RA1171 Bosch Router Table Review
Who Needs a Bosch RA1171?
Let's begin with who this table is built for. This is a table targeted at serious hobbyist woodworkers. You're going to get great build quality and a table you can rely on at a reasonable price. What you're not going to get is all-metal construction, a huge work surface, or a table you would be happy standing in front 8 hours a day for 250 days a year.
The reason you wouldn't be happy if you were using this Bosch router table professionally has nothing to do with the quality of the work it produces. It has to do with some relatively minor inconveniences that you have to put up with when you're setting up cuts and running a workpiece past the bit.
As a hobbyist woodworker (presumably one on a budget) you need to decide on whether or not you are willing to put up with some inconvenience in order to avoid paying 2 to 5 times as much on a professional table.
What this Bosch Router Table Does Well
Cabinet Housing Keeps Down Dust
Topping the list of reasons I decided to purchase the Bosch RA1171 was the enclosed cabinet. I work in a smaller shop and dealing with heaps of sawdust really cuts into my efficiency. I knew that I wanted a router table that could cut down on as much dust as possible. The RA1171 does exactly that.
The cabinet is fairly large and while it definitely collects dust, it absolutely contains dust that would otherwise end up on the floor of my shop. It features 2 dust collection ports, one directly behind the router bit, at the source of the dust, and a second lower in the outer cabinet to cut down on the dust that makes it inside.
I have never connected a vac hose to the cabinet port and have never had a problem with either dust escaping from the cabinet or too much dust building up in the cabinet. My process is to simply spend 20 seconds after I am done using the table to vac out the inside of the cabinet.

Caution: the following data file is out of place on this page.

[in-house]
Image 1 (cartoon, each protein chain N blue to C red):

The router table is almost entirely constructed out of laminated MDF, not the less expensive particle board you might expect to see in a table at this price point. Once the table is assembled it feels extremely solid, there is no wiggle in it at all.
While the surface of the router table is mostly MDF, it's important to note that the router plate - where your router will actually be attached to the table - is cast aluminum. This is an important feature because while I do expect the MDF that the Cabinet is constructed from to hold up for years, I don't think that MDF would have been able to support the weight and vibration of a router motor. The fact that it is cast aluminum solves that issue and adds significantly to the longevity of the table.
The fence system consists of two separate MDF panels that are connected on an aluminum rail to keep the two pieces perfectly aligned. This setup allows you to adjust the width of the opening between the two panels which is very helpful if you using larger bits.
While I haven't yet replaced either of the MDF boards that serve as the surface of the fence, I think it is important to note that these should be thought of as sacrificial. Replacing one or both pieces would be extremely easy and that knowledge allows you to place the fence where you need it without worrying about damage you might cause.
The fence is entirely operated using finger knobs. There is never any reason to pull hex key out just to make a minor adjustment. It's also notable that the fence does span the entire width of the table which allows for maximum stability of the workpiece as your running it across a bit.
Finally, in the photos, you'll notice a t-track on the top of the fence and it allows you to place two feather boards, which are included with the table, where ever you need them to hold the workpiece securely against the table.
As discussed in the previous section the Bosch RA1171 does come with some hand accessories.